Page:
Good Things Come from the Worst of Times

As we all navigate the unchartered waters of the COVID-19 situation, in which many people have been living in home isolation for a month or more, the topic of mental wellness is an important part of the conversation. People are sharing their struggles with feelings of isolation, while juggling the duties of home schooling, working from home or a job loss, and their fears of the unknown.

While we need to address the negative emotions and feelings connected to this pandemic, focusing on the good things that will come out of this situation can be helpful in maintaining a healthy mindset. As we desperately seek a ray of light during these dark times, here are a number of positive actions and results we can look forward to:

Lives will be saved and infections reduced as countless people now know the importance of proper hand-washing to reduce and eliminate germ transmission. Coupled with good hygiene is the importance of physical distancing and wearing a mask to both avoid contracting the disease and transmitting the illness to others. Think supermarket aisles!

Family time and healthy relationships are being prioritized. People are contacting family members and old friends whom they haven’t thought about in a while. They are learning to not take their freedom and loved ones for granted. Many families are building stronger bonds with their immediate family members. Board games are being dusted off and played after years of inactivity.

Coping skills have been sharpened and can be applied when dealing with difficult situations in the future. People are also learning the importance of stress management and adapting to change. Parents who never thought they’d be able to teach their children from home are rising to the challenge!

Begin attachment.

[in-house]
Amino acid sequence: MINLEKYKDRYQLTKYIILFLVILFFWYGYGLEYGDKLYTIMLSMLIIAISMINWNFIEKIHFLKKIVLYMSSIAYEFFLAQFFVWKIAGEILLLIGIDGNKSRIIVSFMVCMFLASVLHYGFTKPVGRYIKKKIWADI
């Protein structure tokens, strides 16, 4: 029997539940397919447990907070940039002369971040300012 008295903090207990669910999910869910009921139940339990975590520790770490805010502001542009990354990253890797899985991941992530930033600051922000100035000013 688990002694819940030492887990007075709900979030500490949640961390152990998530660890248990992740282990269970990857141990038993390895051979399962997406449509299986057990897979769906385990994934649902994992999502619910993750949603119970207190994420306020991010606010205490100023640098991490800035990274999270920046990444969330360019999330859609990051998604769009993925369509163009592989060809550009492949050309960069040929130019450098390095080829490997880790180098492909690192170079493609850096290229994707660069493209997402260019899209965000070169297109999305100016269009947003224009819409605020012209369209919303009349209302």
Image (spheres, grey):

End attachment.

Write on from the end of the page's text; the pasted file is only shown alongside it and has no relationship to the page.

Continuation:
As social beings, we are consciously realizing the importance of staying connected to each other. Technology can be helpful to have digital face-to-face time with extended family members, friends, and co-workers. On the other side, the benefits of unplugging from social media and technology have been realized by people who were previously addicted to their electronic devices, as they seek other diversions.

Globally, we are seeing the positive environmental effects of decreased air and water pollution as industries have been temporarily shut down, and people are driving fewer miles. Hopefully, we will do better conserving resources as the world “re-opens.”

Awareness has increased regarding how small acts of kindness and giving can have a huge impact on others. People are learning to better appreciate workers who contribute to our health, wellness, and daily existence, including doctors, nurses, EMTs, paramedics, supermarket employees, cashiers, restaurant workers, and teachers, to name a few.

Many people are beginning to exercise who hadn’t previously. If you’re stuck at home, there are many options, including streaming online classes (many are free), running, walking, or biking outside: remember to socially distance. You can finally dance as if no one is watching! While outside, people are meeting their neighbors and are beginning new friendships. In this vein, we have been reminded of the needs of the elderly and the ill, including their common struggles with isolation and loneliness, and are taking actions to obviate their needs.

People are learning what they can live without. Priorities have changed, often for the better. We’re finding we’re tougher than we thought.

People are learning the importance of planning for emergencies in health, wellness, finances, and comfort measures. We have a renewed interest in the importance of self-care. We are also learning to live in the moment as city and/or state guidelines change.

What other benefits do you see resulting from this situation? Keep focusing on the positive changes. Sharing them with others can help all of us to feel less fearful and more hopeful. Remember Dickens: “It was the best of times, it was the worst of times.”

It will get better. Stay well, everyone!

Carol Phillips is a national health and wellness expert, the award-winning author of 52 Simple Ways to Health, and the radio host of Ask Coach Carol. Her company, Health Design, helps businesses significantly reduce costs and increase productivity by prioritizing health, wellness, and safety practices. Health Design is a SHRM Recertification Provider. Based in Manchester, NH, she can be reached through her website at